UPDATE 4: Wow, the hits keep coming; welcome, everyone!  If you liked my “mindset” posts, you might want to check this one; also, I give credit-where-credit-is-due to my family here

UPDATE 5: To everyone who linked — thank you, very much!  Edudito, Smallest Minority, Snowflakes in Hell, Conservative Grapevine, and Trying to Grok.  Other links can be found in Part I, but any more that roll in will be noted here.  Namely, Firearms & Freedom, Cold Fury, American Digest, BabyTrollBlog and Opinionated Technie.  Thanks!

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49 Responses to ““A mindset” continued”

  1. Jay G. said

    Y’know what it sounds like, Lissa?

    Sounds like you need another dose of “Range Therapy”…

    🙂

  2. lookingforlissa said

    Mr. G, I read your post on the war between the sexes — it sounds like you might need some Range Therapy as well 😉

  3. JD said

    That is funny Jay G. . . . I was just thinking the same thing as I read this. . . .

  4. DirtCrashr said

    Me too and I once was also – I have to remember and understand just how fragile and small boat it is they have to rock. So easily done since it’s powered by flimsy but deep invective, and pride of delusion, blowing a wind to fill their own sails.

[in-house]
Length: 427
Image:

Nowadays I actively preempt my Parents’ political jibes and “conversation.” It’s about the only rude thing I do, but if they start going off like Über-Moonbats as they are wont to it just makes me feel even worse…

  5. secretlivesofscientists said

    yes, you do need some “group” therapy 😉

    as in grouping of the bullet holes on the target. get it?

    I am sooo not funny.

  6. lookingforlissa said

    Thanks all 🙂 But really, the long-winded double-post WAS the therapy. I’m now back in my Happy Place

  7. Lass, you really can pound the keys to make it sound just right.

    ANOTHER “attagirl” from up north…

    I know where there’s a range…

  8. I spent the time reading this post thinking of an analogy for you. I got it. I remember one day a friend of mine who was a bit of an artist, and was taking to our High School physics class like a fish to water. He had a very detailed and well drawn diagram of a “Perpetual motion machine” of sorts that consisted of a series of pistons in a circles with magnetic repulsion used to continue the initial impulse. He went on-and-on how you could harness the power from this once you got it started.

    I was the jerk, I said: “It won’t work…” and then explained him how friction in the pistons would stop the motor, and any drive shaft or appliance attached to the output would stall it immediately and produce LESS energy than initially put into it.

    It was a simple, but key oversight, and he quickly realized I was correct, and he looked crushed, having spent all this time getting very excited only to have his dream dashed by reality. He is one of the reasonable ones.

    There are people who no matter HOW many unbiased sources I point to that show more gun control creates MORE crime…they’ll claim just the opposite is true and press on.